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Wednesday, Dec 1, 2021

Tears of joy from D.R.A.M.’s “Big Baby D.R.A.M.”

Big Baby D.R.A.M. album cover by Boootleg
Big Baby D.R.A.M. album cover by Boootleg

The artist behind “Broccoli” and “Cha Cha” has come out with more than two songs.

On Oct. 21, Atlantic Records artist Shelley Marshaun Massenburg-Smith, a.k.a. D.R.A.M., released his first studio album entitled “Big Baby D.R.A.M.”

His single “Broccoli” has already gone double platinum since its release in the summer of 2016, causing conversation to erupt about his ensuing album.

D.R.A.M. begins his album with a song called “Get it Myself” to let his fans and the music community know he began his journey to stardom and musical reverence from his Hampton Virginia beginnings.

Signing with Atlantic Records provides D.R.A.M. with access to a multitude of artists to collaborate within and outside of the record company. D.R.A.M. has come in contact with Def Jam mastermind Rick Rubin, crediting him with inspiration for several songs on his debut album.

“I think a few of the ideas that’s on the album actually stem from the sessions over there,” D.R.A.M. said, discussing the studio sessions he spent with Rubin in an interview with the radio show The Breakfast Club.

The artists presented in the album range from soulful juggernauts such as Erykah Badu to trap hip-hop stars like Young Thug. Their creative combinations with D.R.A.M. lead to a unique style of music that emits a feeling of likeability and appreciation of many forms of music.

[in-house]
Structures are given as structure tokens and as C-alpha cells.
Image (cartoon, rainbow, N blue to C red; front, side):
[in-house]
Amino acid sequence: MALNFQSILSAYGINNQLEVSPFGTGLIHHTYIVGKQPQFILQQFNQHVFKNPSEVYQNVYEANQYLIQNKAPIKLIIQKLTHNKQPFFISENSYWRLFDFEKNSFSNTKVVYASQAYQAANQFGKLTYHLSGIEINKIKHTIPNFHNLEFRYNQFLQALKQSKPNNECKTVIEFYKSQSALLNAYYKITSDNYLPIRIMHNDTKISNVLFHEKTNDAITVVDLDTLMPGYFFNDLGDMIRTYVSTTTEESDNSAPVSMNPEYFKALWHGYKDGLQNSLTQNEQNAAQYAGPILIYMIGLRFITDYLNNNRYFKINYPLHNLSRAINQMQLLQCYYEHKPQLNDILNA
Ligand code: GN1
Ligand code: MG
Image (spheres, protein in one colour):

The level of musicality presented in this album stems from the eclectic style that D.R.A.M. embodies. Producers such as Donnie Trumpet and Massenburg-Smith both strive to reinvent the genre of music they represent.

The combination of R&B and hip-hop are blended beautifully on the album, and songs like “Monticello Ave” provide a smooth ’80s-style hip-hop beat with modern lyrics.

Songs like “In a Minute,” “Broccoli” and “Cash Machine” all provide insight into the party-oriented atmosphere D.R.A.M.’s music can inspire.

Contrarily, “100%,” my favorite song on the album (I’m undeniably a sucker for sappy music), emulates the R&B style D.R.A.M. is able to accomplish just as successfully. “100%” discusses why it is important to put your best effort into a relationship because what you put in is what you reap. A piano track accompanied with a snare and bass drum set the tone of the song, and the relatability of lyrics such as “Not 99 but you keep it 100, 100% / That’s because you give me your love, your loving,” emulate the emotion and care necessary for any successful relationship.

Stylistically, D.R.A.M. is uncomparable to any artist other than Chance the Rapper, and his fame continues to grow as his music gains recognition. Just like his song states, D.R.A.M.’s continued success should propel him to international fame “In a Minute.”


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